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Winnetka, Ill. is one of many prosperous suburban communities that has rejected plans to build affordable housing in their town. (Zol87/Wikimedia Commons)

Exiling the Poor

Affluent suburban communities are refusing to build state-mandated affordable housing, leaving the inner-city poor with few options

BY Daniel Hertz

Absent of state and federal leadership, places like Chicago's North Shore have the greatest power to do something about our deepening economic segregation. Will they?

On the same day that Illinois Republicans voted to endorse Mitt Romney, residents in Winnetka, a Chicago suburb, voted on a seemingly straightforward question: “Should the Village of Winnetka expand [its] existing Affordable Housing Plan?” Seventy-five percent of voters answered, “No.”

The plan, whose tweaks to zoning law and modest subsidies might have been quietly approved in another place and time, instead became the center of a raging debate in which usually civil neighbors slung personal insults, community newsletters warned about a coming wave of sex offenders and the village council attempted to issue itself a gag order. The vote was the final nail in the coffin for an ambitious campaign, nearly a decade in the making, to open Winnetka's housing stock to teachers, nurses, retirees, and students–among other working and middle-class people–who might want to settle among the CEOs and investment bankers who currently populate a community with a median household income of $167,000 a year.

But while some of the country's wealthiest people rushed to reinforce the walls around their neighborhoods, others just a few miles away were tentatively pulling them down. Lake Forest, a suburb that, like Winnetka, is a member of Chicago's wealthy North Shore, was preparing to sell its first two subsidized homes, using a model that had been employed with considerable success elsewhere in the area.

None of this would especially matter if affordable, safe neighborhoods in good school districts were plentiful. But they're not. And even as the country's Cory Bookers and Rahm Emanuels try to turn around their constituents' struggling communities, those inclined to move to a place with stronger schools and less crime are finding it an increasingly unrealistic option. Absent of state and federal leadership, places like Chicago's North Shore have the greatest power to do something about our deepening economic segregation. Will they?

Tenements and castles

Since they were first urbanized during the last Gilded Age, Winnetka and its neighbors have been the focus of debates over class and housing. One of the earliest critics of the area was Winnetka resident Henry Demarest Lloyd, a journalist who ran for Congress on the Populist ticket in 1894. A statue dedicated to him sits near the lakefront, surrounded by multi-million dollar homes, and reads: “No tenements for some and castles for others.”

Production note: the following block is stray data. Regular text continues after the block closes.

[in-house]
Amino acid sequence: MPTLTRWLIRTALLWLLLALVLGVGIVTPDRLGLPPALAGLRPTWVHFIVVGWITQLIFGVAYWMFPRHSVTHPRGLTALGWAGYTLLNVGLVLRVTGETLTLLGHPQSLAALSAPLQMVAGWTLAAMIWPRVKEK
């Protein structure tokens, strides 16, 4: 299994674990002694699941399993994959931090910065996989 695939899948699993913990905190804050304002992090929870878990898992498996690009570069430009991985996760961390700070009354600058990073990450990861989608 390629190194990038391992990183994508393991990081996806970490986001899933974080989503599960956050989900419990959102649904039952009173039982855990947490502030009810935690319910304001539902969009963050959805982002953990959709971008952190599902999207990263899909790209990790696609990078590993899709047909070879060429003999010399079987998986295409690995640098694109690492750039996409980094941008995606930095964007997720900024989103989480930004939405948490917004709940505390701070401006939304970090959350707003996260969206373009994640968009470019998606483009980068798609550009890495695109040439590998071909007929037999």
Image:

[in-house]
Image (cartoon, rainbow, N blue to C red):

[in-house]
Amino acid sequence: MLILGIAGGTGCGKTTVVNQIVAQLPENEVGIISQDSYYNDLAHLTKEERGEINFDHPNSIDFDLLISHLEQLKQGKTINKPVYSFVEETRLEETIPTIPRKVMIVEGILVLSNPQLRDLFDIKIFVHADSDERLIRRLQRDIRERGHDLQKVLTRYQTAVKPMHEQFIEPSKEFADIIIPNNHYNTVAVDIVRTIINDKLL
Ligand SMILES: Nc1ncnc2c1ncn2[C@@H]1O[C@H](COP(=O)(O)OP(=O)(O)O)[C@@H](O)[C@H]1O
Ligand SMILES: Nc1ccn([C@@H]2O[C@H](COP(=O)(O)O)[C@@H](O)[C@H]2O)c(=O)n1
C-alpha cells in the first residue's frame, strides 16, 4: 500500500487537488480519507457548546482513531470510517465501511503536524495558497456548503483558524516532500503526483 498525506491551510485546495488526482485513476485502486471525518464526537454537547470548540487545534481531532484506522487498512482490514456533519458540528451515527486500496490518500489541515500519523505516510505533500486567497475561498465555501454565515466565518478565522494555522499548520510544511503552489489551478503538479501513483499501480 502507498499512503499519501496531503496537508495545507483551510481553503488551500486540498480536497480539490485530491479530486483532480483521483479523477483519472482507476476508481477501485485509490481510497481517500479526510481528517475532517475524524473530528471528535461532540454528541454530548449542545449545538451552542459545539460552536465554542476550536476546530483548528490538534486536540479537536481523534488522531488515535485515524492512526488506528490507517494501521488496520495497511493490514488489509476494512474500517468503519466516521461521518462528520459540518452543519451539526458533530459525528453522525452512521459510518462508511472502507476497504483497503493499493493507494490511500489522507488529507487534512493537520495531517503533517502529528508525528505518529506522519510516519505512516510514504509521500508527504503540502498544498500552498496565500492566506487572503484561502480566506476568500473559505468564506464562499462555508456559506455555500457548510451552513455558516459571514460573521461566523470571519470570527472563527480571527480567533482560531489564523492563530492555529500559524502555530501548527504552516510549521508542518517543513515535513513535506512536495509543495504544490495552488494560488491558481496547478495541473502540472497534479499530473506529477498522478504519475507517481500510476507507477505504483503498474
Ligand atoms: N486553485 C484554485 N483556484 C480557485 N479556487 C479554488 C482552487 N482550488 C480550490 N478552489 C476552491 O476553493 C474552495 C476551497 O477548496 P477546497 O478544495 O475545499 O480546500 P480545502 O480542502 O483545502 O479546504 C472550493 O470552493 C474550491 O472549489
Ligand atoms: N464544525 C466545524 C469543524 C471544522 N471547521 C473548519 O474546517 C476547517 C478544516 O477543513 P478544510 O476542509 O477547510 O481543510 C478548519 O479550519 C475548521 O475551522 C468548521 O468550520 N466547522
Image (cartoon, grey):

But even in Lloyd's time, the North Shore wasn't the island of exclusivity it is today. Some workers stayed in their employers' coach houses, or in apartments over stores near the commuter rail station. Over the course of the 20th century, however, zoning laws made it difficult to build multi-family buildings outside of the already-established downtown, and the apartment buildings that once housed lower-income workers were either converted to offices or allowed to decay. As land values rose, many of the smaller single-family homes were torn down in favor of mansions.

A study commissioned by Winnetka, and carried out by the University of Illinois at Chicago, found that between 1980 and 2000, the village lost 40% of its available apartments for rent, while more than half of its coach houses had been zoned out of the housing market. In part because of those trends, the only income demographic that grew during that period was households making over $150,000 a year.

Winnetka is not the only place where the rich and poor are finding themselves increasingly isolated. In a study published in late 2011, researchers at Stanford University found that in nearly 90% of American cities, rich and poor lived further apart at the end of the 2000s than they had four decades before; those results held even when higher economic inequality was taken into account. In other words, as much as income inequality has exploded in America, income segregation has grown even faster.